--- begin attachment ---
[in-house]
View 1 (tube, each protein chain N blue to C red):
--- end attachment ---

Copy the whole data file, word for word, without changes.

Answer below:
[in-house]
View 1 (tube, each protein chain N blue to C red):